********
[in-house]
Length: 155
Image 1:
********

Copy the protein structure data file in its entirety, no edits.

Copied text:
[in-house]
Length: 155
Image 1: